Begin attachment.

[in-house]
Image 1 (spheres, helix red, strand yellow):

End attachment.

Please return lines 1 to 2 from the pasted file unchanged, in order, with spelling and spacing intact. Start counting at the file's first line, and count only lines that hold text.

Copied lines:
[in-house]
Image 1 (spheres, helix red, strand yellow):